“Is there anything that prohibits him from doing that?” Sen. Tom Harkin (D-Iowa) told the newspaper The Hill. “The answer is no.”
House Minority Whip Steny H. Hoyer (D-Md.) has described it as the least bad option if Congress doesn’t act.
The White House, for its part, continues to resist the speculation.
“Only Congress can increase the statutory debt ceiling,” White House press secretary Jay Carney told reporters Friday. “That’s just a reality.”
But many legal scholars are suggesting that Obama could do it.
Jack Balkin, a law professor at Yale, has laid out how this would work. At some point after Tuesday’s deadline, Obama would face the demands of multiple contradicting laws. On the one hand, the government is required to pay out money that has already been appropriated. On the other, it would not be allowed to float new debt to cover its obligations.
So, Balkin notes, Obama “has a constitutional duty to treat at least one of the laws as unconstitutional as applied to the current circumstances.” And the wording of Section 4 of the 14th Amendment suggests that the debt ceiling would have to give way: “The validity of the public debt of the United States, authorized by law . . . shall not be questioned.”
If Obama interpreted that clause to mean that the debt ceiling is unconstitutional and authorized the Treasury Department to begin issuing new debt, it’s not clear that anyone could stop him. As Jeffrey Rosen writes in the New Republic, individual members of Congress would not have standing to sue — Congress would need to pass a joint resolution, which is unlikely given Democratic control of the Senate.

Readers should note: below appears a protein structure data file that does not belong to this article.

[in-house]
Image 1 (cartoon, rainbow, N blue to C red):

It is also unlikely that individual taxpayers or bondholders would have standing.
“The most likely outcome is that the Supreme Court would refuse to hear the case,” Rosen argues. And if a suit did make it through, Rosen adds, even the conservative justices would probably rule in Obama’s favor — at least if they held to their judicial philosophies.
But Obama would still face political blow-back. The decision would probably set off an extensive legal and public-relations battle over the scope of the president’s powers. Democrats and Republicans alike were upset about Obama’s decision to intervene in the armed conflict in Libya without Congress’s consent. An unprecedented constitutional maneuver would allow the opposition to paint a portrait of a president who thinks his authority has no bounds.
“I think it is one of those too-clever ideas that, when you reflect on its ramifications, does a lot of bad things,” said Dan Hazelwood, a Republican pollster.
The biggest problem, however, is the practical one — how markets would react to the 14th Amendment option.
“On the one hand it shows that the feared disruptions from no debt-ceiling increase wouldn’t happen,” Tom Gallagher, a fiscal- and monetary-policy specialist at the Scowcroft Group, said via e-mail. “On the other hand it plunges the U.S. into a genuine constitutional crisis. How quickly would courts rule? Who would bring suit? Would the House initiate impeachment proceedings? That’s hardly a reassuring set of questions.”
Nor is it clear that invoking the Constitution would calm the credit-rating agencies. Standard & Poor’s has declared that it will downgrade the nation’s credit rating within the next three months “if we conclude that Congress and the Administration have not achieved a credible solution to the rising U.S. government debt burden and are not likely to achieve one in the foreseeable future.”